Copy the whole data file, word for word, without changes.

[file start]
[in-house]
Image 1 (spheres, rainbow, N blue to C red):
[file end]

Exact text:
[in-house]
Image 1 (spheres, rainbow, N blue to C red):